347 Comments+ Post Comment

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Posted Fri, 07/10/2020 - 06:55

Can I add more bicep and tricep exercises to the routine?

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Posted Tue, 08/11/2020 - 10:25

Hey John

I recommend trying the program as it's written first. If you still feel like you've got gas in the tank for your arms at the end of your upper body days then feel free to add some.

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Posted Thu, 06/11/2020 - 18:06
Chris Travis

Is doing only two exercises a week for a muscle enough?

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Posted Tue, 08/11/2020 - 10:23

Hey Chris

2-3 is the goal. Your muscles also get a fair bit of indirect work within all of the compound movements.

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Posted Thu, 04/02/2020 - 11:03

I'm switching from doing Body Beast home workouts for quite some time and feel it's time to switch it up. As I only have access to free weights is there a non-machine alternative to all the workouts listed above? Thanks

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Posted Tue, 08/11/2020 - 10:27

Hey Folk

We've got an entire DB only program written up for you. Check it out https://www.muscleandstrength.com/workouts/dumbbell-only-upper-lower-wor...

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Posted Wed, 03/11/2020 - 21:15

Hello, thanks for this routine. Been using it a few months and have been making some gains etc cud say newbie gains. However I train two days and maybe off one or two days because of work commitments. Any advice to maintain my progress without loosing my progress? Thanks

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Posted Wed, 02/19/2020 - 15:43

Will this split work on losing weight and fat

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Posted Sun, 04/05/2020 - 23:55

Any sort of weight lifting will help tremendously with burning fat and toning up as long as your diet is correct !

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Posted Sat, 02/08/2020 - 06:55

Is this better than 5 day body part split

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Posted Wed, 02/05/2020 - 05:52

I'm an ectomorph can I use this program?

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Posted Sun, 02/02/2020 - 21:25

I've been doing this program for around 3 months. Can i keep going with it?

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Posted Mon, 02/03/2020 - 15:02

Hi Tom,

Absolutely - keep it up!

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Posted Sun, 02/16/2020 - 07:47

What are the results like Tom?

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Posted Thu, 01/30/2020 - 11:25
Chris Wallace

What weight should I start out with and how much should i increase it by each session?

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Posted Fri, 01/24/2020 - 07:16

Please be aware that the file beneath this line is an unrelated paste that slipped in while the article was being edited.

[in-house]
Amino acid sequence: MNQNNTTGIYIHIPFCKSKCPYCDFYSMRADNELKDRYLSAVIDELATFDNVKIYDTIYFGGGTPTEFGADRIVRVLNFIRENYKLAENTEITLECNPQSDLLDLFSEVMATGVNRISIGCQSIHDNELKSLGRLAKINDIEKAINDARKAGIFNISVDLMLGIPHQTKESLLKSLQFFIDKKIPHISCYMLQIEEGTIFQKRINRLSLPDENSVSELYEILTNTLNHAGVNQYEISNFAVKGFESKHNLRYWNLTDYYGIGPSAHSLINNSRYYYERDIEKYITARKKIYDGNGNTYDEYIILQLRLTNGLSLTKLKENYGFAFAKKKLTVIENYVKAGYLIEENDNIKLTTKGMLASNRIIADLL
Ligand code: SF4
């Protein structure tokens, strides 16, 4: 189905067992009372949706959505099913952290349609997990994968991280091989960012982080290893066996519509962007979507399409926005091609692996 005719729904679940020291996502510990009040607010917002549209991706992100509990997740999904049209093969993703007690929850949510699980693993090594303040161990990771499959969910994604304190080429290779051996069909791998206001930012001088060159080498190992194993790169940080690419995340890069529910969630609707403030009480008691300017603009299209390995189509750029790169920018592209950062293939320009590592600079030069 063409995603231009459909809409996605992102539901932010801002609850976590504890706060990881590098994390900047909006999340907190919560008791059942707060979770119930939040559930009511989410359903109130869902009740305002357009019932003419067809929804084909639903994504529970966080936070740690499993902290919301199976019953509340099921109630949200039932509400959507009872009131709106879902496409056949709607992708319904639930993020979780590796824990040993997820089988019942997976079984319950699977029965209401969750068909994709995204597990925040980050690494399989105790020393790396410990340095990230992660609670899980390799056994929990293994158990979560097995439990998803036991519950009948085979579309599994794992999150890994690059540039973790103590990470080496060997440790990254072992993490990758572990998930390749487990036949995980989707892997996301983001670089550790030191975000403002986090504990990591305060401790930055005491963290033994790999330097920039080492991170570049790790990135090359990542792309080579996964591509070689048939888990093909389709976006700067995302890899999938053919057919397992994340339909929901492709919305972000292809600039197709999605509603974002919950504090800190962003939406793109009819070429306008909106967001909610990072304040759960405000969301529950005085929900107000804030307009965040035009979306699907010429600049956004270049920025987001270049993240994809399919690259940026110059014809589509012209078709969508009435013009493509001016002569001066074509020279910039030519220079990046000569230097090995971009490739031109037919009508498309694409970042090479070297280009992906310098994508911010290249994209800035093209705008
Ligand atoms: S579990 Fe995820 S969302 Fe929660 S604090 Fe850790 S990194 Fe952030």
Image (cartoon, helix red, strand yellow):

Can I change the compound lifts to 5x5? Add a bit of strength training or would that make no sense ?

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Posted Fri, 01/24/2020 - 11:19

Hi Jonathan,

Sure - that'd be fine.

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Posted Tue, 01/07/2020 - 17:48

A lot of sources say you want about 12-16 sets per week for large muscle groups. Will ten sets be sufficient?

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Posted Wed, 01/08/2020 - 14:34

Hi Dylan,

Everyone is different. This workout is part of a series that leads to a 6 day very high frequency dumbbell workout.

Each workout is simply a template. If you personally need more as an individual, add more.

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Posted Thu, 01/09/2020 - 12:56

Hello Josh,

Could you please direct me to the workout series this plan is part of?


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Posted Tue, 12/31/2019 - 12:30

Just starting this workout, what rpe should you be hitting on each set, or is each set to failure? As with a 60~ second break time, I find myself lowering the weight if I go to failure. Thanks!

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Posted Mon, 12/30/2019 - 09:53
Alexandre Bergeron

Hi, I want to give this one a shot but there's 1 thing bugging me. There's quite a huge difference between 6 and and 12 reps. Can you explain why the range is so big? Can I do anything in between 6 and 12? Or is it depending on the type of workout I'm aiming for (build muscle vs strength)? thanks!

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Posted Mon, 11/25/2019 - 00:37
Matt Kendall

I’m very much a beginner and I have no idea what a 3 second negative is

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Posted Tue, 11/26/2019 - 02:55

Will give an example. Benchpress - while you lowering your bar you are doing negative motion. 3 sec negative would mean that you will have to do it in 3 secs (slowly). Same principle for other exercises.

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Posted Thu, 10/31/2019 - 23:14
Jesus Medero

I'm having a hard time doing legs because of a knee injury do you think it would be a bad idea to do this with your and just cardio instead of the leg days my goal is to lose weight

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Posted Tue, 12/10/2019 - 07:35

Hi Jesus, I have recently been recovering from a snapped femur. If your main goal is to lose weight, then your most important consideration NEEDS to be healthy eating. Reducing your calories is not a good idea with a routine designed to increase muscle mass - you need extra calories in order for your body to build muscle. You would be better with a strength training routing, since strength gains are more neurological in nature. A good diet, strength training and a bit of cardio (circuits work well) will have your weight dropping off. Avoid alcohol too. As for your knee, it would be best to ask your physio for specific rehab exercises and avoid any which are likely to aggravate the injury.

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Posted Thu, 09/05/2019 - 17:27